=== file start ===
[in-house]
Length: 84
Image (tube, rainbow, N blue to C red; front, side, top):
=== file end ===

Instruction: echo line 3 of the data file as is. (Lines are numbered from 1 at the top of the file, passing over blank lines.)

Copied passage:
Image (tube, rainbow, N blue to C red; front, side, top):